Stateful applications require storage to be attached to its pods.
- emptyDir - a simple directory. Preserved for the pod existence time. Multiple containers in a pod can share data this way. It can be backed by a dir on a node, or tmpfs on a node
- hostPath - worker node’s path. It’s dangerous, because pod may get access to all files on the node.
Different types have different configuration options. E.g.,
emptyDir can have
“medium” and “sizeLimit” configured.
Volumes can be mounted as read/write, or read-only. In multi-mount situations, depending on the provider, only one, or many pods can write to the same volume.
The direct volume mounting described above is problematic, because it exposes the details about the volume to pod/deployment definition (e.g., I’d have to specify the URL of NFS storage there, or I have to specify that Azure infra is used for storage). This makes the manifests tied to a specific cloud provider.
Additional objects were introduced to abstract the storage info away:
The volume providing is divided between two personas:
- cluster admins - defines available PersistentVolumes
- cluster user/dev - requests storage for their app using PersistentVolumeClaim.
- Persistent Volume - represents a storage volume; it stores information about it;
- Persistent Volume Claim - represents user’s claim on the persistent volume. Its lifecycle is not tied to that of a pod, so the ownership of the persistent volume is decoupled from the pod. To use a persistent volume, user first needs to claim it. When the volume is no longer needed, the user releases it by deleting the claim object.
To use the volume, pod needs to refer to a PersistentVolumeClaim that is bound to a PersistentVolume. The claim might either reference exact name of the PersistentVolume, or just list requirements to allow K8s to bind any fitting PersistentVolume to it.
Multiple pods can use the same volume by referencing the same claim. Depending on the storage type, access will be enabled or not. E.g., some storage providers allow writing from one node only (so multiple pods on that node can write). Other nodes cannot write.
PV that is ready to be claimed has “Available” status.
PV can configure its reclaim policy:
- Retain - when PVC is deleted, the PV becomes “Released”, the volume is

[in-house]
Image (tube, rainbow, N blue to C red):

retained. Admin must manually remove it. If a PV is claimed, and then the PVC
is deleted, the PV’s Status becomes “Released”, it cannot be claimed in this
state. It can be claimed again if the object gets edited and the
.spec.claimRefgets removed (or the whole PV needs to be deleted and then recreated). If PV gets deleted, the data stays intact.
- Delete - when PVC is deleted, the PV and the underlying data are deleted as well. It is used with the automatically provisioned PVs.
PV is just a pointer to the data.
Access Modes of a PersistentVolume refer to how many nodes can mount it (not pods). Types:
- ReadWriteOnce - only one node can mount it in read/write mode. Others can’t mount it at all.
- ReadOnlyMany - many nodes can mount it in read-only mode
- ReadWriteMany - many nodes can mount it in read/write mode.
A PersistentVolume can support multiple modes.
Deleting a PV will await for a bound PVC to be deleted. Deleting a PVC will await for a bound pod to be deleted.
PersistentVolumes might also be created automatically on-demand as needed, if the automated provisioner is installed (e.g. AKS creates Azure Disk automatically when it’s needed).
Here, the order gets reversed. Instead of creating a PVC for a pre-existing PV, a PVC gets created first, and then a proper PV gets created by a provisioner.
Cloud provider offers some StorageClasses (e.g. Azure offers AzureDisk and AzureFile). A PVC should contain information which StorageClass it expects.
The PVC uses
storageClassName to choose Storage Class. If it’s ommited, cloud
providers have some default choice. Setting
dynamic provisioning and causes an existing PV to be selected for binding.
Depending on K8s implementation, creating new PVC with some storageClass will instantiate the PV immediately, or only after some pod actually will need some storage (using our PVC). E.g., GKE will create PV immediately, while kind will wait for pod. This is because kind create local storage and it needs to know where a pod will be scheduled (on which node) to create the storage there. The behaviour is controlled with the “volume binding mode” config of a storage class.
We can define our own storageClasses.